The result of Transwell assay.

Figure 4: The result of Transwell assay. (A) In a negative control group, SMMC-7721 cells were observed at the downside of the chamber. (B) Transfection with siRNA-SMB complexes combined with LFUS inhibited the migration ability of SMMC-7721 cells in group F. (C) SMMC-7721 cells were observed at the bottom of the BioCoat Matrigel invasion chamber in negative control group. (D) After transfection with siRNA-SMB complexes combined with LFUS, the number of the cells invading through the downside of the BioCoat Matrigel invasion chamber was decreased sharply.

Silencing NET-1 gene expression

The result of NET-1 siRNA concentration was showed in Supplementary Figure 4. The NET-1 gene expression was silenced rather efficiently in groups F and G that inhibited the expression of NET-1 mRNA than that in other groups (P < 0.05; Figure 5). The expression of mRNA was markedly reduced in groups F and G as compared to group A (P < 0.001). Furthermore, group F showed a 74.3 ± 4.5% decrease, and group G showed a 79.3 ± 4.4 % decrease in the NET-1 mRNA level. The expression between the two groups did not differ significantly (**P = 0.1755).

Expression of NET-1 mRNA.

Figure 5: Expression of NET-1 mRNA. Groups F and G showed a lower expression of NET-1 mRNA as compared to group A, *P < 0.05. The expression between the two groups did not differ significantly (**P > 0.05).

The expression of the NET-1 protein was suppressed distinctly as observed in groups F and G (Figure 6), which was in agreement with the results by qRT-PCR. However, no difference in the protein expression was visible to the naked eye.

Expression of the NET-1 protein.

Figure 6: Expression of the NET-1 protein. Lanes A–F represented groups A–F, β-actin served as an internal reference. The expression of the NET-1 protein of groups F and group G was lower than any of the other groups, all P < 0.05. However, no difference was observed between groups F and G by the naked eye.

The expression of the NET-1 protein in groups F and G was significantly lower than the other groups (both P < 0.01). Compared to the negative control group, the inhibition ratio of the protein expression was 95.41 ± 3.32% and 94.63 ± 2.24% in groups F and G, respectively. However, no significant differences were not observed between the two groups (P = 0.5551).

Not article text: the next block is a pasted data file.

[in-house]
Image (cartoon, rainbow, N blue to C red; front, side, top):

These results proved that NET-1 siRNA-SMB complexes and LFUS exposure could deliver NET-1 siRNA to SMMC-7721 cells, exhibiting high-performance and inhibit the NET-1 mRNA and protein expressions.

DISCUSSION

In the present study, we investigated the function of NET-1 siRNA-SMB complexes combined with LFUS in gene transfection. We could confirm that the NET-1 mRNA was highly expressed in HCC cell lines and that the protein was expressed mainly in the cytoplasm of the cells. The inhibition of NET-1 mRNA expression in HCC cell lines using NET-1 siRNA-conjugated SMBs combined with LFUS decreased not only the proliferation but also the migration and invasiveness as substantiated in the present study. These findings suggested that NET-1 gene contributes to the pathogenesis of HCC. To improve the efficiency of NET-1 siRNA delivery, we used the NET-1 siRNA-SMBs complexes combined with LFUS to deliver NET-1 siRNA in adherent cells and suspension cells. We speculate that the siRNA-SMB complexes might effectively potentiate the siRNA transfection in vitro. When the cells were subjected to the LFUS exposure, cavitations appeared owing to the presence of siRNA-SMBs, resulting in permeability enhancement in cancer cell membranes [23, 24]; the endocytosis was also enhanced. Therefore, siRNA was effectively delivered into tumor cells. In addition, the siRNA conjugated to the SMBs was released into the tumor cells upon cavitation and further driven into the cytoplasm by acoustic streaming that exhibited a sonoporation effect on the cancer parenchymal cell membrane [25]. On the other hand, SMBs could also protect the siRNA from degradation by RNase [26].

The effective size of the NET-1 siRNA-SMB complexes was a critical factor in gene transfection. The complexes should be sufficiently small in order to be able to penetrate the interval of vascular endothelial cells and deliver the siRNA into the cells. The pore size of the vasculature was between 380 and 780 nm [27, 28].

The effective size of NET-1 siRNA-SMB complexes, constructed in our laboratory, was 610.8 ± 26.3 nm as shown in Figure 1. Compared to the conventional microbubbles, the SMBs could deliver excessive siRNA into cells. The NET-1 siRNA-SMB complexes had smooth round surfaces and uniform sizes as shown in Figure 2A. The confocal laser scanning microscopy demonstrated the FITC-labeled siRNA conjugated equally around the surfaces of SMBs emitted green fluorescence (Figure 2B). Taken together, Figures 1 and 2, indicated that the NET-1 siRNA-SMB complexes had been synthesized successfully.